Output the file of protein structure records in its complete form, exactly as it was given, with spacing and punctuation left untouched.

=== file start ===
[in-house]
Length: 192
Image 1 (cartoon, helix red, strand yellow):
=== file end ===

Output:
[in-house]
Length: 192
Image 1 (cartoon, helix red, strand yellow):